Insurance, property management, maintenance, utilities– these are some of the various expenses you’ll incur when investing in multifamily properties. Although most tenants of multi-family properties pay their own utilities by unit, not all leases have been set up so that the tenant is responsible for them.
If that’s the case, lowering all (or most) of your costs can directly result in an increase in your net operating income. In this article, we’ll explore five ways you can reduce several utility costs in your multi-family property.
1. Reduce your heating and cooling expenses
If you don’t nip it in the bud right away, these specific expenses can quickly become the highest driver of a utility bill. Make sure to change the HVAC filters in every unit as often as you can to significantly lower your energy consumption. When HVAC units are dirty, they have to use more energy to work properly, thus, increasing your bill. To further reduce your heating and cooling expenses, look for air leaks in your heating ducts and seal them with either caulk or weatherstripping. Also, seal any small gaps that you find in windows or doors.
The Department of Energy explains that you can save as much as 10% a year on heating and cooling by turning your thermostat back 7°-10°F (8 hours daily) from its normal setting. Purchase a programmable thermostat and incentivise your tenants by explaining how they can lower their utility bills by using it accordingly.
2. Decrease your water utility costs
For multi-family units with a shared water bill, this expense falls under you as the owner of the property. Showers and baths can easily account for the most water use in a home. You may not be able to cut your tenants’ shower times, but you can drastically reduce the amount of water that’s quite literally going down the drain. A Great Shower suggests that low flow showerheads can reduce water consumption by up to half. Your tenants will still be able to enjoy their long showers, while using less gallons per minute. These showerheads will not only save you money on your utility costs, they are also better for the environment. Water heating is also one of those high-costing expenses. In fact, as stated by The Department of Energy, after heating and cooling, it usually accounts for about 18% of your utility bill. To conserve hot water, they advise you to fix leaks, install low-flow fixtures, and buy an energy-efficient clothes washer and dishwasher. You may also want to invest in more eco-friendly toilets.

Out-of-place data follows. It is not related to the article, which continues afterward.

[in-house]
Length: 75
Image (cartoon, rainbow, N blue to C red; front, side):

3. Install LED light bulbs
As you may have heard, LED lights are more environmentally-friendly than compact fluorescent lights (CFLs) or incandescent bulbs. Energy Star states that LEDs emit light in a specific direction, unlike incandescent and CFLs, which emit light and heat in all directions. As a result, these energy-saving bulbs use light and energy more efficiently. LED light bulbs also generally have a longer lifespan. So, although they may cost a bit more upfront, they’re definitely worth the investment as they will save you more money in the long haul.
4. Add motion-sensored lights
While we’re still on the topic of lights, here’s another way to save money on this utility. As mentioned, LED light bulbs are a great option, and you can install motion sensored ones in low traffic areas of your multi-family units. This goes for the stairwell, the garage (if one exists and is accessible to your tenants), hallways, etc. Use your discretion and only install these lights where you feel they will be convenient for your tenants. After all, aside from saving money, you want your tenants to feel satisfied with their rentership experience.
5. Try to use only energy-efficient appliances
Energysage suggests that although energy efficient appliances come at a premium, in most cases, they are worth the expense. They report that on average, home appliances will account for 20% of a home’s electric bill. Appliances can literally be energy suckers. If you can, use energy efficient stoves, clothes dryers, refrigerators, and freezers.
Aside from making these cost effective changes, you should monitor your utility bills regularly and make changes accordingly. While it’s not possible to dictate all of your tenant’s energy utility consumption, you can certainly make changes to dramatically reduce the utility costs for your multi-family property.